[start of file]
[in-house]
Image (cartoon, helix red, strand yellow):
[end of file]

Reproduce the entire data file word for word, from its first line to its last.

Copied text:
[in-house]
Image (cartoon, helix red, strand yellow):